Chattanooga financial adviser Jim Place, who runs Evergreen Advisors, is a man who has his ear on the heartbeat of Chattanoogans. He hosts a daily talk show on WGOW talk radio from noon to 1 p.m. daily and fields calls from savers, debtors, investors, people with financial distress and others with big dreams.
How confident should we be that Chattanoogans and their businesses are good investment vehicles? If we investors help them, might they reward us?
In this second part of an interview he was gracious enough to give Nov. 29, Mr. Place answers several questions: How workable and valuable is lococentrism as an investment paradigm? How far do charitable instincts go in investing? How beneficial is the opening of a local factory by global player VW? Would local investors strengthen local engines of prosperity such as InfoSystems, the IT specialists, which is a privately held company that may need capital for growth?
To get the context, please take some time to go through the first part of our visit.
Personal connections shift emphasis away from idol of dollar
David Tulis I’m just suggesting this as an idea. *** Here’s why. If you are investing in local shops, people you see in the paper, in the metro section of the local paper even, the bigwigs, the people who run factories who make widgets and provide services, you’re not going to be driven solely by the dollar. You’re not going to be just a gambler. Your perspective seems to be that everybody is a gambler, everybody thinks, “I care just about that percentage, I care just about that statement at the end of the year, how much it went up, or how much the dividend was.”
But, investors are not just gamblers. They’re not just looking for the money. Investors, especially if they can have a personal relationship and a personal connection with the entities in which they invest, they’re not going to be as dividend conscious — just like when you do business with someone you know, you’re not as price conscious. You will have the man paint your house, and you will not shop the job out. Why? Because you know that man and you trust him. You’re not going to worry about the money; you know he’s going to treat you fairly —
Jim Place To a certain extent. To a certain extent I am. But I am also going to know — I am going to have a pretty good sense and feel for what the project is going to cost. Now, I may know that the quality of the service that XYZ provides is very good. Let’s take a painter, local painter.
A great example here in town would be Brandon Lewis, who owns a Painter Ready. I know that the kind of prep work that they do before they start to paint is incredibly good. It’s going to be more expensive, but it’s more labor intensive, but it’s going to last longer, it’s not going to flake later on. One, I know him so I would rather do business with him than the international guy or the guy in New York city if I had a choice. Two, I know he has quality, very good quality. But I know, I am going to know, reasonably speaking, the price of the project should be. You have to be able to compete.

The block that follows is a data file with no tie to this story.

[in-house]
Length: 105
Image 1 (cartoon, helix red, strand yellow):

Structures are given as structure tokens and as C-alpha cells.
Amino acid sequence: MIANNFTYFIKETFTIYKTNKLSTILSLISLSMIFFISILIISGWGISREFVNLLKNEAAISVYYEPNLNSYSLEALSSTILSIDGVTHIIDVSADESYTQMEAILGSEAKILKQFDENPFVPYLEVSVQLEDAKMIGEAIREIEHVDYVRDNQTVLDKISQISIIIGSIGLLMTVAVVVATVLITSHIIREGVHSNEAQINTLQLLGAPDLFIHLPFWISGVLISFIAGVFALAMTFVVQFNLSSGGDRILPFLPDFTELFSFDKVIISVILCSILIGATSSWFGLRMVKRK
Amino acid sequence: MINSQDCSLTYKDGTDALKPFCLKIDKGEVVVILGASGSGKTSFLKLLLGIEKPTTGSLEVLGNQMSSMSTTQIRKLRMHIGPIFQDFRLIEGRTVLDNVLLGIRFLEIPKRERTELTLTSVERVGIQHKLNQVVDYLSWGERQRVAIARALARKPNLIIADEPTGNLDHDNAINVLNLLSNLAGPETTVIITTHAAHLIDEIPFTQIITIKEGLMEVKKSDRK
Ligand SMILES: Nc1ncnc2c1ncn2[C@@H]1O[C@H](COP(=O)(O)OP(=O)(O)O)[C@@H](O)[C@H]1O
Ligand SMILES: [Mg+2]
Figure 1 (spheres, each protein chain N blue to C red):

Because the idea in this book isn’t simply, isn’t just that it’s local. The idea in the book is that the return is going to be better.
Q That’s right.
Jim Place He’s saying the sheer economics of it would work.
Q Do you think the local investor cares only about the dollar, or when he says, “You know, I can invest locally, I care about where I’m from, I can wait some years for a payout”? —
Jim Place — Would you consider a percentage of what you’re doing to be philanthropic in its nature, relative to your community? *** It’s one thing if you’re saying to me, we think this project would not only be successful and make Chattanooga better, but that you would do well with it as an investment — fine. If you’re saying to me, “We don’t have any idea whether this is going to make it or not, but we think we ought to donate it to Chattanooga, I’m going — no.
Investing is not charity
Jim Place Now I might give the money to United Way that spends the money in Chattanooga, but I would distinguish the difference between what I consider a charitable contribution and what I consider a very good investment. But, if you go back and think about it, David, there are in larger cities, maybe not in Chattanooga, Tenn., say a venture capital firm that really focuses on downtown Boston, or wherever. There are products of this nature that have been put together. But they have normally been limited to very very high net worth investors.
Now, if we thought about that for a second, the — one of the things that has made a mutual fund so incredibly viable is that I can buy into a thousand companies with F$100. So, if we’re talking about putting a pool together where a person to invest F$1,000, or F$5,000 or F$10,000, can you create — you can’t really do it with a mutual fund, because a mutual fund buys in publicly traded companies. We’re talking about companies that are not publicly traded. But in a pool of this nature, they’re going to have to reach those standards to do the accounting.
How to structure the co-op or exchange
One of the biggest aspects of what you’re talking about here that I know very little about would be structure of the accounting for a process of that nature, because as we said before, it does have to be valued. If I knew that the due diligence up front, if I knew that the due diligence being done up front was sound, that it wasn’t just simply, “Oh, we love Joe’s bike place and we’re going to give him 150 grand and hope to hell it all works out.” I have to know the due diligence is good and I have to know that whether I’m donating or I’m investing the money to a Chattanooga pool or any other pool. I have to have faith in the advisers who are making the decision about who comes inside the pool.
I have to have complete faith in the evaluation system. So I have to have not only confidence in their ability to do the job, to recognize what the best companies would be in that process, and I have to believe that I attract enough capital in a pool of this nature to be able to kind of impact on the community that you’re talking about. Now, in the utopian world, we might get there.